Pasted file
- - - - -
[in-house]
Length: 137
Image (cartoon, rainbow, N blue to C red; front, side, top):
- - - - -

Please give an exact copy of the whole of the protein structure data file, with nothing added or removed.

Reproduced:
[in-house]
Length: 137
Image (cartoon, rainbow, N blue to C red; front, side, top):